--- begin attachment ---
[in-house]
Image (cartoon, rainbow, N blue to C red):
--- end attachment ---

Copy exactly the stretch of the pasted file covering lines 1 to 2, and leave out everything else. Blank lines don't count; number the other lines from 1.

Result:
[in-house]
Image (cartoon, rainbow, N blue to C red):